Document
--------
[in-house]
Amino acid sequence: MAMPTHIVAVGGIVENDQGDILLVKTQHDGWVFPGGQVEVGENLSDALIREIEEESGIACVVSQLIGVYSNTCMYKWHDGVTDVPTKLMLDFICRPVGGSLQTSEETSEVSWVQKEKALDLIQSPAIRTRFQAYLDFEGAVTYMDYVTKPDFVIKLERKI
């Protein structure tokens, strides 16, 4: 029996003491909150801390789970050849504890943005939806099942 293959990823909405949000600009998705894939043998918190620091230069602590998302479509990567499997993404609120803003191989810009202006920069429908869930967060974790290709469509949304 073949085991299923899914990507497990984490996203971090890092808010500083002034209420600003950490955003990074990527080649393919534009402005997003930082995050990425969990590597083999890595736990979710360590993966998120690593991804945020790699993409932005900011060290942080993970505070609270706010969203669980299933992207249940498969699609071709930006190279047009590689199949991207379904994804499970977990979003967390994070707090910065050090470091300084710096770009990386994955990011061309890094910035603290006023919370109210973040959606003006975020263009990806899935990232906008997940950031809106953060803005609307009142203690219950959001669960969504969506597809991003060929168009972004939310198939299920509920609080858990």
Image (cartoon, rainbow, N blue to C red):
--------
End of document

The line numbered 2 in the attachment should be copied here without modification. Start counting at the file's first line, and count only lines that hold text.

Amino acid sequence: MAMPTHIVAVGGIVENDQGDILLVKTQHDGWVFPGGQVEVGENLSDALIREIEEESGIACVVSQLIGVYSNTCMYKWHDGVTDVPTKLMLDFICRPVGGSLQTSEETSEVSWVQKEKALDLIQSPAIRTRFQAYLDFEGAVTYMDYVTKPDFVIKLERKI